# Poincaré Embeddings of Neural Networks (Draft)

Poincaré Embeddings for Learning Hierarchical Representations
E. Totoni, T. A. Anderson, T. Shpeisman

Neural Embeddings of Graphs in Hyperbolic Space
B. P. Chamberlain, J. Clough, M. P. Deisenroth

## 1. Introduction

In studying a mathematical model, it is helpful to put the model in the context of a simpler, well-studied mathematical structure. For example, the Earth is a spherical object, and yet we can learn much about its surface by studying its Mercator projection on a two-dimensional plane.

The study of geometric methods of context transfer starts with embeddings, which are exact copies of mathematical models in another mathematical structure. More specifically, an embedding of a mathematical object $X$ of type $\mathcal{A}$ (or, formally, of category $\mathcal{A}$) in a mathematical object $Y$ of type $\mathcal{B}$ is a one-to-one mapping such that $f(X)$ is a copy of $X$ in $Y$, viz., an object of type $\mathcal{A}$ that shares the same structural properties as $X$.

Differential-geometric tools such as Whitney embedding theorem (1944) and Nash embedding theorem (1954–1966) allow us to view abstract geometric objects as concrete surfaces in the Euclidean space. Moreover, discrete analogues such as Kuratowski’s theorem (1930) and the Hopcroft–Tarjan planarity testing algorithm (1974), as well as results from metric embedding theory like Johnson–Lindenstrauss lemma (1984), suggest embedding methods can be applied in quite general contexts.

Indeed, datasets can be represented as vectors or weighted graphs: the former by encoding each feature as coordinate values, and the latter by encoding relationships between data points as weights of edges between nodes. The latter is already a graph; the former can be thought of as sampled points on a manifold, a principal object of study in geometry, that describes the true nature of the dataset. As discussed above, both representations can be thought of as geometric objects embedded within a Euclidean space, allowing us to visualize the structure of a dataset.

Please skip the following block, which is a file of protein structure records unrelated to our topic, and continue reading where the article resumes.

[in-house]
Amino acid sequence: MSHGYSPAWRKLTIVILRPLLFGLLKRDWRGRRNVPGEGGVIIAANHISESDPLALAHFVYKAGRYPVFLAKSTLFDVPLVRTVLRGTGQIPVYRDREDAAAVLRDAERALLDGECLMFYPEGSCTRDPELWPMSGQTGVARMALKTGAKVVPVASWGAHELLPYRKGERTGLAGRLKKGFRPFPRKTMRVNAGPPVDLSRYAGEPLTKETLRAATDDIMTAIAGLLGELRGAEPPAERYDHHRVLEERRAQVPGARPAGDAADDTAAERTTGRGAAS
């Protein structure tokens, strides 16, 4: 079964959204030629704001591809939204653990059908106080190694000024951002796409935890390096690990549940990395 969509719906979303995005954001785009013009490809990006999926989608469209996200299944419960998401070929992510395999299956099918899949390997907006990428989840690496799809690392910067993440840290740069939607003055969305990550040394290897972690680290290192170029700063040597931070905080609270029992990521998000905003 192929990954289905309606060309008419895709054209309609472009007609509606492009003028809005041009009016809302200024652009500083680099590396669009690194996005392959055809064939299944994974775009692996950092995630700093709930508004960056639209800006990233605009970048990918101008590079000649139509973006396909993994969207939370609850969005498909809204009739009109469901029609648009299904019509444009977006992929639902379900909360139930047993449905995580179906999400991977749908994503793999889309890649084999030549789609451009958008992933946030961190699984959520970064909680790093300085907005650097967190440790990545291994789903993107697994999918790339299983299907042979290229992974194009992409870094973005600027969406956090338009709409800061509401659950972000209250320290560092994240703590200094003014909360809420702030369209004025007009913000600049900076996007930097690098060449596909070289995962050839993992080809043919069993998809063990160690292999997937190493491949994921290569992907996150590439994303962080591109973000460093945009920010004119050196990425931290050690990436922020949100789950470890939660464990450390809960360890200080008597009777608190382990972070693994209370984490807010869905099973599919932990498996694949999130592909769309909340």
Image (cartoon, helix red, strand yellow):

Nevertheless, embedding in the strict sense is not terribly useful in data analysis, because such visualizations often take place in extremely high-dimensional space. For example, if we wish to encode color information, to be taken from the color set {red, orange, yellow, green, cyan, blue, violet}, in numeric vectors, we might apply one-hot encoding to represent

id color
1 red
2 orange
3 yellow
4 green

as

id red? orange? yellow? green? cyan? blue?
1 1 0 0 0 0 0
2 0 1 0 0 0 0
3 0 0 1 0 0 0
4 0 0 0 1 0 0

which is a collection of 7-dimensional vectors. As we consider more features, the requisite dimension increases significantly. This results in the so-called curse of dimensionality, which is a heuristic principle referring to various computational difficulties that worsen significantly as the dimension increases.

It is thus beneficial to consider low-dimensional representations of datasets via approximate embeddings, which do not constitute exact copies but still contain enough information to be useful. For example, we might try and encode certain features of a dataset as geometric properties, such as the distance between two data points.